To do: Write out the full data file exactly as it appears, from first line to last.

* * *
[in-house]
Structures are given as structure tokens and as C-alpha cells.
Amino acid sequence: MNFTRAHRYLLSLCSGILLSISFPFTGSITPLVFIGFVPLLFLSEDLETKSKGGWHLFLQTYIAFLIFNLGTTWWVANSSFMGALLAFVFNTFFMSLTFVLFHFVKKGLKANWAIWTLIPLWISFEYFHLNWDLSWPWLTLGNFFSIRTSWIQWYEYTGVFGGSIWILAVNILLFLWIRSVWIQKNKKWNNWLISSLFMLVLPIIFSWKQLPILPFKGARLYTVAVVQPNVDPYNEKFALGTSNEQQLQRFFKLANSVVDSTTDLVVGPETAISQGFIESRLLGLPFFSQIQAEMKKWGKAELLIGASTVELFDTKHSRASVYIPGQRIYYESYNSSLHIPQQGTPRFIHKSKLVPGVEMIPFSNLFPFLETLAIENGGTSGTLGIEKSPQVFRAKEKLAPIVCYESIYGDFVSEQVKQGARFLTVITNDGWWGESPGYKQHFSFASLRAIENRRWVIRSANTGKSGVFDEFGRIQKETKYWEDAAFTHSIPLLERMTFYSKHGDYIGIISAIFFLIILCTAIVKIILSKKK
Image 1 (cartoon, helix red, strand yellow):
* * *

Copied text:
[in-house]
Structures are given as structure tokens and as C-alpha cells.
Amino acid sequence: MNFTRAHRYLLSLCSGILLSISFPFTGSITPLVFIGFVPLLFLSEDLETKSKGGWHLFLQTYIAFLIFNLGTTWWVANSSFMGALLAFVFNTFFMSLTFVLFHFVKKGLKANWAIWTLIPLWISFEYFHLNWDLSWPWLTLGNFFSIRTSWIQWYEYTGVFGGSIWILAVNILLFLWIRSVWIQKNKKWNNWLISSLFMLVLPIIFSWKQLPILPFKGARLYTVAVVQPNVDPYNEKFALGTSNEQQLQRFFKLANSVVDSTTDLVVGPETAISQGFIESRLLGLPFFSQIQAEMKKWGKAELLIGASTVELFDTKHSRASVYIPGQRIYYESYNSSLHIPQQGTPRFIHKSKLVPGVEMIPFSNLFPFLETLAIENGGTSGTLGIEKSPQVFRAKEKLAPIVCYESIYGDFVSEQVKQGARFLTVITNDGWWGESPGYKQHFSFASLRAIENRRWVIRSANTGKSGVFDEFGRIQKETKYWEDAAFTHSIPLLERMTFYSKHGDYIGIISAIFFLIILCTAIVKIILSKKK
Image 1 (cartoon, helix red, strand yellow):